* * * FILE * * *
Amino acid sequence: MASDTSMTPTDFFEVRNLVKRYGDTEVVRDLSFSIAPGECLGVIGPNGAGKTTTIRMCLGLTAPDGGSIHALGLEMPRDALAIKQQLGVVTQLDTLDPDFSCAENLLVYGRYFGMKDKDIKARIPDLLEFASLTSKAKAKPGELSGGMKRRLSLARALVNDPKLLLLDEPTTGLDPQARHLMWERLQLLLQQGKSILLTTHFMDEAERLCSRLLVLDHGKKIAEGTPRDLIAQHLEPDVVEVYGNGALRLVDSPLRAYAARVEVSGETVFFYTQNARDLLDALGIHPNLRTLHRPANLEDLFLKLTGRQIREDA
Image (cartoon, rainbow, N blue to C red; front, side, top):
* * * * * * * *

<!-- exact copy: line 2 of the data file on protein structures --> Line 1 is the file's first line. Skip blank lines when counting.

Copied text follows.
Image (cartoon, rainbow, N blue to C red; front, side, top):